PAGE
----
WASHINGTON — President Barack Obama and congressional leaders vowed tough budget discipline in February when they approved a "pay as you go" requirement, but they've already avoided paying for major programs twice.
They've also let the annual April 15 deadline for producing a budget outline pass without even a vote.
So much for getting tough with the deficit-riddled federal budget in an election year.
"Sometimes, particularly in tough times like these, you have to make hard choices about where to spend and where to save. That's what being responsible means," a tough-talking Obama said in his weekly address the day after signing the pay-as-you-go law. It requires that most new spending or tax cuts be paid for, rather than add to the budget deficit. Under its terms, several programs are exempted, however, and the law also can be waived for "emergencies."
A few weeks after Obama's talk, the nonpartisan Congressional Budget Office estimated that under his proposals, the federal budget deficit should hit $1.5 trillion this fiscal year and $1.3 trillion next year. The CBO also projected deficits over the decade totaling $1.2 trillion more than the White House estimated.
Despite pay-as-you-go, Congress has passed bills twice in the last seven weeks to fund government programs as emergencies — notably extended unemployment benefits — adding about $28 billion to the deficit.
Kenneth Baer, communications director at the White House budget office, said, "We've always been up front that emergency spending should not be subject to PAYGO, and the legislation reflects that. Anyone standing in the unemployment line would agree that we face an emergency, and need to do what we can to spark job growth immediately."
Why ignore pay-as-you-go? One reason is electoral politics. With midterm elections in the fall, neither political party is eager to make the unpopular spending reductions that serious deficit-cutting requires.
"You have difficult decisions, made more complicated by extreme demagoguery on both sides," veteran budget analyst Stan Collender said.
Congress is supposed to pass a budget blueprint by April 15, but didn't; that document guides more specific spending and tax decisions throughout the year. No budget votes have been taken, and none are scheduled.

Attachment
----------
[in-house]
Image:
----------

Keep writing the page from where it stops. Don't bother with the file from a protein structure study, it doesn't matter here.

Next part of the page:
While Senate Budget Committee Chairman Kent Conrad, D-N.D., argued that "We need to say we're responsibly tackling the deficit," House Majority Leader Steny Hoyer, D-Md., cited the political climate to explain why they haven't.
"We would like to pass a budget. We have to see whether we have the votes to do so," he said. "It is difficult to pass budgets in election years."
Also inspiring timidity is the bipartisan commission that's charged with finding ways to reduce the deficit long term, which is supposed to report by Dec. 1. The panel's first meeting is set for April 27.
In light of that, some lawmakers are reluctant to make tough decisions now, since they can urge voters to wait for the commission's recommendations. "Some people say they're waiting," said Sen. Judd Gregg, R-N.H., a commission member.
Collender said lawmakers had to be careful about postponing decisions, because failure to get tough with deficits could come back to haunt them.
"Deficits are never an issue by themselves. They do, though, become surrogates for other things," he said, such as whether the government is being run responsibly.
On the other hand, he said, the chief issue this year so far is the economy, "and you can argue the deficit kept us out of a depression."
Congress claims some steps toward fiscal discipline, notably last month when it passed a $938 billion health care overhaul that the CBO estimates will reduce deficits by $143 billion over 10 years. White House budget spokesman Baer said that shows how Obama "has brought back fiscal discipline."
The projected savings — notably proposals to cut Medicare spending — are the subject of continuing controversy, however, as many doubt that Congress will squeeze Medicare funds as it forecasts.
Lawmakers see months ahead filled with hearings aimed at passing a budget for fiscal 2011, which begins Oct. 1, and some argue that it's too soon to judge whether the budget breakdown really matters. Similar pay-as-you-go rules helped balance the budget in the 1990s. Meanwhile today's economy still needs help, Democratic leaders say, so now isn't the time to raise taxes or cut vital programs.
The two bills that added $28 billion to the deficit addressed dire economic needs, said Senate Majority Leader Harry Reid, D-Nev., so they were passed under the emergency exemption. To require them to be paid for up front, he said, "would set a terrible precedent."
Others questioned that, however.
"You'd think they could find $9 billion somewhere in the vast reaches of the budget to pay for this," said Ross Baker, a professor of political science at Rutgers University, citing the cost of a one-month extension of jobless benefits.
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